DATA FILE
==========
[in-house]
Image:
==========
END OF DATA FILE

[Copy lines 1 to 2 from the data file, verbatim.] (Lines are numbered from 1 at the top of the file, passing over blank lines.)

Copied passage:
[in-house]
Image: